More than half a million dollars in hazmat grants will go to train responders around the U.S. 

two people standing near and train oil tank in hazmat suits

COLLEGE STATION, TEXAS – For the eighth consecutive year, the Texas A&M Engineering Extension Service (TEEX) was awarded a Hazardous Materials Instructor Training (HMIT) Grant of $376,961 funded by the Pipeline and Hazardous Materials Safety Administration (PHMSA) under the U.S. Department of Transportation. TEEX uses these funds to train instructors around the United States who provide training to employees on Hazardous Materials Regulations.  

TEEX Training Coordinator Taylor Hartmann says, “The HMIT Grant provides valuable training for employees on understanding the Hazardous Materials Regulations so they can prepare and transport hazardous materials safely. This training leads to fewer hazmat incidents and is essential for a safer transportation network within the United States. We are very thankful for PHMSA’s continued commitment to the safety and well-being of the public.” 

In addition to this grant, TEEX also received a first-time PHMSA Assistance for Local Emergency Response Training (ALERT) grant of $295,000 to train first responders for railcar emergencies involving flammable gases and flammable liquids. These funds will allow TEEX to deliver an additional 12 classes over the next year at no cost to responders. TEEX also sets aside money to assist departments from underserved communities with lodging costs. While the HMIT grant is centered on training employees for proper awareness and transport of hazardous materials, the ALERT grant is focused on training first responders for hazmat response.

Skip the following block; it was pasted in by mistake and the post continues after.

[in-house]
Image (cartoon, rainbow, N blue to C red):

TEEX Training Manager Nick Hickson says, “With the PHMSA ALERT Grant, TEEX will be able to train responders from the United States to safely and effectively respond to incidents involving railcars. This training will be conducted at TEEX’s Brayton Fire Training Field to allow class participants to train on actual railcars, protective housings, leaking valves and a full-scale train derailment. This training on life-size props allows participants to gain essential knowledge that is difficult to obtain with pictures, videos or cut-down models. This will allow responders to return to their communities better prepared.” 

To read more about the grants, see Hazardous Materials Instructor Training (HMIT) Grant | PHMSA ( and Assistance for Local Emergency Response Training (ALERT) | PHMSA (  

For more information or to enroll in hazardous materials instructor training go to

For more information or to enroll in hazardous materials training go to Hazardous Materials | TEEX.ORG.

Distributed by:
Texas A&M Engineering Extension Service
Vita Vaughn | Director of Marketing and Communications/CMO
[email protected]

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